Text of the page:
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Phone Scoop

printed October 2, 2014
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Review: BlackBerry Curve 9370 for Verizon

Form Basics Extras Wrap-Up Comments  

Menus Calls/Contacts Messaging  

The Curve 9370 runs BlackBerry 7, which is the same system that shipped on the Bold 9930 last year. The big difference is that the 9370 does not have a touch screen like Bold, so you have to rely on the trackpad for everything.

The home page has the status bar, the notification bar, main screen/wallpaper, and the app tray.

The status bar -- where the clock, signal indicator, battery meter, etc. are located -- is the top-most element. It offers a tray of tools, such as network controls (Wi-Fi, etc.), the alarm clock, and other basic settings. This feature doesn't work from other screens, only on the home screen.

The notification bar acts similarly to the drop-down notification shade in Android. It lets users quickly get a look at all of the unread messages they may have received. This includes email, SMS, MMS, BBM, Twitter replies/DMs, and Facebook notifications. The app tray is where users will really be able to customize BlackBerry OS 7 handsets. The tray offers five different user-configurable home screens / menus.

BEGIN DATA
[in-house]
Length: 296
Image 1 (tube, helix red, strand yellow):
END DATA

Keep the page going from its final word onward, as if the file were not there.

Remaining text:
The Universal Search tool can be used directly from the home screen to search for pretty much anything on the handset or the web. This includes contacts, web sites, and so on. Type a query for anything on the phone (a song, a file, a contact, etc.) and Universal Search finds it. If what you're looking for isn't on the phone, it offers web-based tools (YouTube, Bing, BlackBerry Maps, etc.) to continue searching.

I've used touch-based smartphones for so long that I found the trackpad difficult to adjust to for interacting with the menus. My instinct is to reach up and press the screen when I want to do something. For new smartphone users coming from a typical feature phone, this will likely not be a big issue, but anyone who is used to a touch device might be better served by a different BlackBerry model.

 

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